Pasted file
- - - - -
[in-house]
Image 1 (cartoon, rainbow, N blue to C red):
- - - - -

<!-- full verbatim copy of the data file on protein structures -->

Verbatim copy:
[in-house]
Image 1 (cartoon, rainbow, N blue to C red):